Early Perseid meteor by Ken Christison.
Perseid Meteor Shower is visible in the night sky August 10-12, 2016.
The annual Perseid meteor shower should be very visible in the night sky this week, with the peak expected tonight a bit after midnight into the early morning as well as tomorrow night.
And by a very fortunate coincidence, there will be little or no moon light to make the meteors hard to see.
The best viewing hours should be between 11 p.m. and dawn, when the constellation Perseus is above the horizon. Although the meteors appear to come from Perseus, they actually are part of a debris trail left by Comet Swift-Tuttle, which the Earth encounters every August.
Perseids can appear anywhere in the sky; astronomers recommend looking in whatever direction the sky is darkest for you. The Perseids arise when the Earth runs into pieces of debris floating in the solar system that were left behind by Comet Swift-Tuttle. The 17-mile-wide ball of ice and debris orbits the sun about once every 133 years and made its last close pass by the sun in 1992.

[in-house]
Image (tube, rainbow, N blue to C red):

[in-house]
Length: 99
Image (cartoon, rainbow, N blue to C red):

The comet’s left behind debris then enters Earth’s atmosphere at about 133,000 miles per hour and bursts into bright flames about 60 miles overhead. Most of the meteors are small, about the size of a grain of sand, but some can be as large as a golf ball. You’ll be able to see many of the small bursts, but it’s the handful of large ones that create jaw-dropping fireballs as they blaze across the sky.